Author: Paint a picture, set a spooky scene
October 9, 2007
By Diane Majeske, Chicago Post-Tribune staff writer
In a good ghost story, the wind doesn’t just blow. It screeches, it howls, it bangs against the window like an angry fist.
And there isn’t just a full moon. There’s a glowing harvest moon, an eerie witches’ moon, a baleful, gleaming, glimmering moon.
A good ghost story is all about imagery, said Wanda Lou Willis, a folklore historian and author of “Haunted Hoosier Trails,” and “More Haunted Hoosier Trails.”
It’s about telling a good story with such vivid language that it paints a picture for the reader, she said, and makes those goose bumps show up just when you want them to appear.
The right words, she said, are essential.
“You want something that chills them, something that puts them in a place — whether it’s outside or in that old abandoned house,” she said. “You want to use the right language to set the tone.”
But imagery alone isn’t enough, she cautions. Your character can’t be stranded in the woods forever, after all.
“Use that language to move the character forward,” she said. “Describe everything he or she sees — and use all the senses. Make them see the shadows, hear the creaks and the rattling chains. Raise those hackles. Give some chills.”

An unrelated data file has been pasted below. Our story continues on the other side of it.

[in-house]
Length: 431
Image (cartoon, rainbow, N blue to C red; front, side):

If you know what you want to say, but you’re not quite sure about the imagery, that’s OK, too, said Willis, who often speaks to groups about writing as well as our haunted Hoosier heritage.
“I always tell people — write it down. Write your story. Then walk away. Come back later, read it. If it’s not scary enough, then you can find a way to make it sound creepy.”
Ghost stories, she reminds, don’t necessarily have to end badly. They can be funny. They can be mysterious. There can be a rational reason for those bumps in the night.
“Maybe there’s this abandoned house with all these strange noises, and a giant turkey has taken up residence,” she said. “The ‘ghost’ can be served for Thanksgiving dinner.”
The main thing, she tells prospective writers, is to be creative, and have fun.
“This should be a fun project,” she said. “Never think that just because you haven’t done it before that you can’t do it now. Eliminate ‘can’t’ from your vocabulary. You can. You might just surprise yourself.”